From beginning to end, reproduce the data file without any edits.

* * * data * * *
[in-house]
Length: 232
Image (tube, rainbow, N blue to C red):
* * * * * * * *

[in-house]
Length: 232
Image (tube, rainbow, N blue to C red):